Most users, if not all of them, will certainly try to open a site and in the process discover that this site no longer exists, but has been replaced by a landing page indicating that the domain has expired or is about to be renewed. . In some cases, the resulting page simply contains left-wing related to the expired site. In other cases, the page is hosted by an auction site that aims to sell the expired domain name. These landing pages or auctions appear to contain links that direct users to legitimate sites. In reality, though, things are different, as expired domains carry many risks - one of which is redirecting users to malicious sites.
In particular, a report released this week by Kaspersky points out that some of these seemingly "innocent" pages are very likely to hide malware. Looking at one application for one online game, Kaspersky's researchers found that the application tried to redirect them to an unwanted address URL, which was put up for sale on an auction site. Instead of being transferred to the right website stub, their second stage redirect resulted in a blacklist page.
Kaspersky then discovered about 1.000 sites for sale from the same auction service. The second redirection stage for these sites has led users to more than 2.500 unwanted URLs. In addition, many of these URLs were created to download Shlayer Trojan, a malware that tries to install adware on computers. Poppy.
Tracking activity from March 2019 to February 2020, Kaspersky's researchers found that 89% of these second-stage redirects took users to ad-related pages, while 11% took them to malicious sites. In some cases, the pages were malicious code. There have also been cases where users have been asked to install malware or download infected documents. Microsoft Office and files PDF.
The ultimate goal in such cases is profit. People get paid to drive users to specific pages, whether they are legitimate ad sites or malicious ones. One of the malicious pages received an average of 600 redirects in ten days. With the pages trying to install Shlayer Trojan, the intruders received money with each installation of the malware on a target device.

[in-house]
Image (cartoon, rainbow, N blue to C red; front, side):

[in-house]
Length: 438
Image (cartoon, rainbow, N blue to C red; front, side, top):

Kaspersky researchers estimate that cybercriminals behind this malware campaign are part of a well-organized and possibly managed network that can divert traffic to malicious sites. They could do this by redirecting legally domain names and exploiting the resources of a well-known domain auction site.
Dmitry Kondratyev, a junior malware analyst at Kaspersky, explained that users can do little to avoid being redirected to a malicious page. He also said that there is no way to know if visitors are being taken to pages that download malware, while it is difficult to manage expired domains. He also stressed that malicious advertising programs are complex, which makes them difficult to detect and deal with. Therefore, the best defense of users against expired domains and the consequent consequences, is to have a complete security solution on their device, according to Kondratyev. Although this type of attack can be difficult to mitigate and combat, users can take steps to prevent Trojans from infecting their devices.
Kaspersky suggests that users follow two key steps:
- Only install programs and updates from trusted sources.
- Use a reliable security solution with features against it Phishing that prevent redirects to suspicious pages.